Beyond Petroleum: Strategic Workforce Planning and Climate Change Policies

Date

2015-05-01

Authors

Breen, Coralie Elizabeth

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Abstract

Given the urgency of climate-change and the speed and scale of the structural transition to a low-carbon economy, there is a critical need for research that accelerates the diffusion of learning in the field of employment and workforce planning. While efforts to align workforce development and planning with the introduction of green policies are rapidly intensifying and maturing, there are gaps in coherence. The transition to sustainable economies involves significant shifts in employment, including application and use of skills and workplace practices. New occupations are emerging and existing occupations are being greened at a rapid rate (Globe Foundation, 2010 a; ILO, 2011, pg. 4; 2012: OECD, 2013 pg. 47). Keeping equilibrium in employment while climate-change forecasts and technological innovations are rapidly evolving is a growing challenge for workforce planning and policy. This is also a ‘rate of change’ problem, and it needs to be better understood if governments are to provide leadership, adapt more quickly, and provide continuous high levels of services to citizens while maintaining strong economies. Governments that understand this will be at the forefront of mitigation and adaptation efforts (OECD, 2012 a, b). But how should that challenge be met? This study tackles that question, seeking to clarify how workforce development and planning can be directed toward improving employment prospects and reducing employment dislocations as the planet changes around us in the face of a changing climate. The implications of the findings are outlined and recommendations are then made as to how labour policies and workforce development and planning measures can best be targeted and integrated into the larger green policy framework to improve coherence of policies, institutional and organizational capacity and data capability.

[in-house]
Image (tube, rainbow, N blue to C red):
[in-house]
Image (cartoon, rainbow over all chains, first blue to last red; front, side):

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Keywords

British Columbia Climate Change Policy, British Columbia Strategic Workforce Planning, California, New South Wales, climatic changes

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